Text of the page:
- Research note
- Open Access
Facilitating implementation of the Decision-Making Capacity Assessment (DMCA) Model: senior leadership perspectives on the use of the National Implementation Research Network (NIRN) Model and frameworks
BMC Research Notesvolume 11, Article number: 607 (2018)
Dementia and other chronic conditions can compromise a person’s ability to make independent personal and financial decisions. In the wake of an ageing population and rising incidence of chronic conditions, the number of persons who may require Decision-Making Capacity Assessments (DMCAs) is likely to increase. Legislation (e.g., Trusteeship, Guardianship, Medical Assistance in Dying) also necessitates that DMCAs adhere to legislative requirements and principles. An intentional, explicit and systematic means of implementing standardized DMCA best-practices is advisable. This single exploratory case-study examined the perspectives of senior leaders and clinical experts regarding the utility of using the National Implementation Research Network (NIRN) Model to facilitate implementation, spread and sustainability of a DMCA Model. Participants learned about the NIRN Model and discussed its application during working and focus groups, all of which were audio-recorded, transcribed, and analyzed using thematic analysis.
Participants found that the NIRN Model aligned well with the DMCA Model, and offered utility to support implementation, spread and sustainability of DMCA best-practices. Participants also noted barriers related to its language, inability to capture personal change, resource requirements, and complexity. It was recommended that a NIRN-informed DMCA-specific implementation framework and toolkit be developed and NIRN-champions be available to guide implementation.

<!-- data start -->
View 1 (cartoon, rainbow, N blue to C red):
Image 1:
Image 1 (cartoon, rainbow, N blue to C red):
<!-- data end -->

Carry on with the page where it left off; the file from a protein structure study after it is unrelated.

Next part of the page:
Adults are presumed to be independent decision-makers regarding their personal (e.g., health, housing, associations, legal) and financial affairs. When a person’s decision-making capacity (DMC) in specific domains, however, comes into question due to diseases such as dementia and other chronic conditions, standardized Decision-Making Capacity Assessment (DMCA) processes aligned with legislation are needed. In the wake of an ageing population, increasing incidence of chronic conditions and legislative requirements (e.g., Guardianship and Trusteeship, Medical Assistance in Dying), DMCA best-practices and processes need to be standardized and better-integrated into routine care. Adherence to such processes best-positions healthcare professionals to determine person-centred outcomes that are least restrictive and intrusive, and that maximize autonomy.
The DMCA Model [1, 2] is an innovative learning and development model created in 2006 by an acute care interprofessional (IP) team. The DMCA Model aims to enable independent practitioners, IP teams, organizations, and large-scale systems to effectively conduct DMCAs. The Model outlines a standardized process aligned with provincial legislation. Its aim is to support screening and pre-assessment, facilitate problem-solving, support documentation, facilitate education and mentoring, and enable widespread implementation, spread and sustainability of DMCA best-practices.